“I found myself breaking down things, particularly at Craig’s games, offensively, defensively, and even out of bounds plays,” said Carey. “I even wrote stuff down so I could send it to him later because no coach wants to hear something like that after a game. I’d have my wife take a picture of my notes and send it to him.
“Every game, I knew I wanted to be back. If you have the fire, you know it,” he continued. “I still would love to coach.”
That, of course, leads to the question of why did he retire? Carey said it was the right thing to do at the time.
“In my last year, with the past administration, it wasn’t a good situation and I felt it was to get out from under it. It was better for me, and it was better for them, to go our separate ways,” said Carey.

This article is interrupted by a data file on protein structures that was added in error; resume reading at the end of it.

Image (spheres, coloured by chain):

Carey said he definitely will reach out to WVU officials about his interest. He said he hopes his knowledge and experience will get them to look in his direction.
“I understand the situation where they may want to go with a younger coach or with someone else. I know some may think at my age (64) it may be tough, but I’m in great health and have a lot of years left,” said Carey. “I still have energy to go another seven to 10 years.”
Carey said he wants to get back into the business in Morgantown or any other destination and it has nothing to do with money. He said he has no concerns there, but misses the game.
“I enjoy coaching. I enjoy the teaching, and I miss the game. The other big thing is my wife doesn’t like me being retired,” he said with a laugh.
The decision of who is next will be the initial major coaching hire made by first-year AD Baker. Baker commented on finding a replacement today.
“Our student-athletes deserve the best, and we will immediately begin a national search for our next head coach. We have a proud tradition, and our program is well positioned for the future,” said Baker. “I am confident we will identify an outstanding leader to build on our success and take WVU women’s basketball to even greater heights.”